Portable gaming may not be anything new, as the original GameBoy took the world by storm all the way back in 1989, but there is a new evolution afoot that brings more feature-rich devices designed specifically for gaming to the consumer. Three models in particular stole the attention this year at the Consumer Electronics Show.

NVIDIA Project Shield

Project Shield is without question one of the hottest items at CES this year. Like most of the portable gaming consoles on display, it plays Android games from Google Play. Unlike the rest, it can also stream PC games directly to the tablet through the power of Steam, as long the PC is on the local network.

Project Shield also comes with a smaller form factor, and its folding screen makes it seem like a much more portable device overall. Of all the gaming tablets, this seems to be the one drawing the most attention on the show floor, and with good reason. NVIDIA's appointments for hands on play sessions are booked though the end of the show, giving a solid indicator of the interest level for the device.

Razer Edge

The Razer Edge gaming tablet (previously known as Project Fiona) was first shown at CES last year, and it had gamers salivating at the prospect at what it might offer. While not as portable as the other two consoles we saw this year, it packs a lot more punch, and is powered by Windows 8 instead of Android. The Razer Edge has a tablet form factor, but it's really a portable PC, and that's downright awesome.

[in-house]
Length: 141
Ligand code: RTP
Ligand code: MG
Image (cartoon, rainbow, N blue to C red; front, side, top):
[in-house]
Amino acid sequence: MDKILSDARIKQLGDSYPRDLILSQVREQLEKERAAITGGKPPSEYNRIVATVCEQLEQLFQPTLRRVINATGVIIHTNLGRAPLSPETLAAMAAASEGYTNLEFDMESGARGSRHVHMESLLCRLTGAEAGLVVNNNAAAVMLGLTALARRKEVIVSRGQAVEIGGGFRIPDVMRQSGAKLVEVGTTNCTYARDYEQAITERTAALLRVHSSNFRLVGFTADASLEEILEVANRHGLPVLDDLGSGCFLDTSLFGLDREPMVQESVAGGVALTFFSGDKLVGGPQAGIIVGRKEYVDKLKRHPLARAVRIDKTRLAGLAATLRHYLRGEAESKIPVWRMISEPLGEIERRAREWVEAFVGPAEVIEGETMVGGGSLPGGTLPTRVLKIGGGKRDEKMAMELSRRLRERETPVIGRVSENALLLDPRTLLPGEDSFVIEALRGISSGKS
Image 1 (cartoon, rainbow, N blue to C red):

The device has seen some evolution since last year's prototype. The handle controls are now detachable, which should help in terms of portability. The device can also be used as a full-fledged gaming console, which could have some really interesting implications going forward.

Archos GamePad

Back in August, we heard that Archos was bringing a new gaming focused tablet to market, and at CES, the company had the Archos GamePad on the show floor. It runs Android, and from a design perspective, it looks more like a PS Vita than a tablet. That said, it is small enough to be portable.

The Archos GamePad on display had Pro Evolution Soccer, Dead Trigger, and Trials, and all of them worked fairly well with the device. Fairly is the key word, as it still seems that the control mapping needs a little work. The device certainly has potential, but it still needs a little work before it is ready to go to toe-to-toe with Razer and NVIDIA.

Those who like some gaming on the go are already well catered for but, if the showroom floor at CES 2013 is any indication, they're likely to be even more spoiled for choice in the not too distant future. Is there room for them all? We'll have to wait and see.

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